Wet Leg on Their Self-Titled Debut Album | Under the Radar | Music Blog for the Indie Music Magazine
Sunday, May 26th, 2024  

Wet Leg on Their Self-Titled Debut Album

Wet Dreams with Dry Humor

Apr 08, 2022 Issue #69 - 20th Anniversary Issue Photography by Hollie Fernando Bookmark and Share

Wet Leg, seemingly out of nowhere, gatecrashed 2021 when their hypnotic debut single, “Chaise Longue” (which at the time of writing has over 13 million streams on Spotify, with its video logging over three-and-a-half million YouTube views), became a cult underground smash. The follow-up, the equally enigmatic “Wet Dream,” consolidated Wet Leg’s position as one of the most exciting new bands to emerge from the UK in recent years.

Rhian Teasdale and Hester Chambers, who both hail from The Isle of Wight, dreamt up the idea for Wet Leg after an idyllic summer spent at music festivals. Teasdale, who previously performed ethereal folk-tinged music, takes up the story. “Those festivals gave us the idea of what we wanted to do musically and also what we didn’t want to do,” she says. “A lot of our friends were in bands and you could see them taking it really seriously because they wanted it so, so much. But that can often take all the fun out of it. I decided to stop doing solo work because I simply wasn’t enjoying it. But when so much of your identity is entangled with this thing you’ve been doing I didn’t quite feel ready to give up music completely. I wanted to start something with Hester that was fun. And so we vowed never to take ourselves as seriously as some people we could mention.”

Wet Leg’s tongue in cheek wit was firmly on display on “Chaise Longue.” Fittingly the track was inspired by Chambers’ grandfather’s chaise longue. “Rhian actually wrote all the lyrics to ‘Chaise Longue’ sitting on the chaise longue,” explains Chambers.

They have both been completely blown away by how the song has resonated with people. “It’s been a lovely surprise,” enthuses Chambers.

“It’s also been bizarre,” laughs Teasdale. “It was probably even weirder as it blew up just as lockdown was lifting. There had been nice things written on the internet but it didn’t become tangible until we played the Latitude festival and the tent was packed!”

Chambers agrees: “Initially we wondered if anybody would turn up? Would it just be one man and his Wellies?” It was also the first time Wet Leg had played together with their current live line-up featuring fellow Isle of Wight musicians Ellis Durand, Henry Holmes, and Josh Mobaraki. “It was when people started singing the lyrics back,” Teasdale explains with a degree of incredulity, “that I just looked over at Hester and thought, ‘This is completely mad!’”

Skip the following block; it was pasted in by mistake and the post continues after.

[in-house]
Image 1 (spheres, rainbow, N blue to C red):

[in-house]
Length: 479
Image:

Since then Wet Leg has bagged high profile support slots playing much bigger venues than they may have anticipated. “I suppose there’s an element of being thrown in at the deep end but it’s a very cushy deep end,” Teasdale admits. “We were so lucky to get them and everybody was lovely, which I can imagine isn’t always the case. We’d only played four gigs before we signed to Domino so the size of the venue didn’t matter at this stage because any size gig would be scary!”

During lockdown Wet Leg had plenty of time to shoot and edit a video to accompany “Chaise Longue,” which introduced a very Wet Leg visual aesthetic and is full of tongue in cheek energy featuring Chambers and Teasdale dressed like escapees from M. Night Shyamalan’s much underrated 2004 movie, The Village. “That’s a great movie and I do like my garments,” says Teasdale laughing and affecting an uncannily accurate Somerset accent. But now the band are so busy they have had to give over some creative control. Teasdale admits that it was difficult to relinquish that oversight on their follow up video for “Wet Dream,” which has them dressed up again whilst wearing fake lobster claws (“There’s no hidden message with the claws,” laughs Teasdale, “we had them lying around and we thought it would be fun to use them”). “I felt terrible when we got the first edit back, because people had obviously worked hard on it, but it just wasn’t right. Letting go of that side of things is hard, however…” Teasdale says, before pausing and laughing, “we didn’t actually let go, they probably wished we had! I still plan to be involved on the video side as much as possible as it can be just as important as the music.”

Given the movie references (Buffalo 66 is mentioned on “Wet Dream” and “Chaise Longue” lifts lines from Mean Girls), you might think that Teasdale and Chambers are huge cinephiles. “We’re not really movie buffs,” admits Teasdale, “but we do religiously watch Mean Girls on repeat, Peep Show on repeat, Buffy The Vampire Slayer and X Files on repeat, oh and Lord of the Rings on repeat—because that’s all you need, isn’t it?”

Teasdale’s reaction to the acclaim ranges from delight to baffled amusement but she remains endearingly down to earth. “Maybe we could do with lifting our feet off the ground a little bit more!” she laughs. “I can’t believe we are going to America! Who are these people buying our tickets? It’s amazing.”

With a self-titled debut album then rumored to be scheduled for spring 2022 (“that is indeed the rumor,” Teasdale laughs, “which I can neither confirm nor deny”), but since confirmed for an April release (in fact it’s out today on Domino), Wet Leg’s beguiling blend of post-punk, driving guitars, surreal humor, and acerbic put downs have certainly struck a chord with music fans. It seems their ascent has only just begun.

[Note: This article originally appeared in Issue 69 of Under the Radar’s print magazine, our 20th Anniversary Issue, which is out now. This is its debut online.]


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